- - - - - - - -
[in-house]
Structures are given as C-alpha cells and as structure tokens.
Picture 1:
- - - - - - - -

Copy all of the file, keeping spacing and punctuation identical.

[in-house]
Structures are given as C-alpha cells and as structure tokens.
Picture 1: